Wednesday, January 13, 2021

Denise LaSalle: The Other Queen

Faraway places with strange sounding names 
Far away over the sea
Those faraway places . . . are calling, calling to me.
They call me a dreamer, well, maybe I am
But I know that I’m burning to see
Those faraway places with the strange sounding names
Calling, calling to me . . .

– Joan Whitney Kramer

The struggle for the spotlight. It can be a perilous challenge in any business, but it’s especially precarious when there actually is a spotlight, but one mostly flooding a few entertainment titans with glory, while those talents mere inches away from its treacherous grasp are left to fend for themselves as best they can at the edges of that global stage dominated by figures such as Aretha Franklin and Tina Turner. The Denise LaSalle story, billed as the autobiography of a southern soul superstar, is titled Always the Queen, but it could just as accurately be called Almost the Queen. “Missed it by that much,” as the old Maxwell Smart quip had it.

Monday, January 11, 2021

The Traitor: The Best Movie of 2020

Pierfrancesco Favino in The Traitor (Il traditore), directed by Marco Bellocchio. (Photo: Laura Siervi/Sony Pictures Classics)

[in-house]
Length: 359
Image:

The Traitor is a lush, big-boned, two-and-a-half-hour Italian Mafia epic, dense with characters, that transpires over the course of the last two decades of the twentieth century, with flashbacks to 1963 and 1974. It was released on this side of the Atlantic early last year and though it received good reviews, it didn’t make the splash it deserved to make, and by now it’s probably been largely forgotten. At least it opened here; the work of its director, Marco Bellocchio, often doesn’t. Bellocchio has been turning out movies since the mid-sixties, and often they’re astonishing, but outside Italy – or perhaps outside the European arthouse scene – he’s virtually unknown. He established a cerebral, visually daring, highly modernist style with his second and third feature-length pictures, Fists in the Pocket (1965) and China Is Near (1967), and his wit, his startlingly confident cinematic adventurousness and his left-wing politics begged comparisons with Godard, but he’s never received the recognition he’s earned. I adore those movies and the one that followed them, In the Name of the Father (1971). But after the iconoclastic bravado of those early efforts he didn’t exactly relax into bourgeois complacency; movies like Leap in the Void (1980) and The Eyes, the Mouth (1982) tease the brain and surprise the eye, and the performers – especially Michel Piccoli in the first and Angela Molina in the second – reach for complex emotional states, for effects that, perhaps, no one has caught on camera before. Since he hit his sixties (he turned eighty-one last November) it seems to me that he’s become, if anything, more ambitious and even more of a master. His 2003 Good Morning, Night, a dramatization of the Aldo Moro kidnapping by the Red Brigades (which is, for Italians, a historical black mark comparable to the JFK assassination for Americans), told from the point of view of one of the kidnappers, is one of the great political movies, and like Louis Malle’s 1974 Lacombe, Lucien, it transpires at the meeting point of history and philosophy. Vincere (2009), which focuses on Ida Dalser, Mussolini’s secret, abandoned wife (a magnificent performance by Giovanna Mezzogiorno), is as staggering a piece of expressionist filmmaking as anything that came out of Ufa Studios in Berlin in the 1920s.